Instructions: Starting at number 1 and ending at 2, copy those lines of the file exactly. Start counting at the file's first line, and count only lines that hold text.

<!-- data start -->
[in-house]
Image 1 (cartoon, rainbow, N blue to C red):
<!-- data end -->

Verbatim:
[in-house]
Image 1 (cartoon, rainbow, N blue to C red):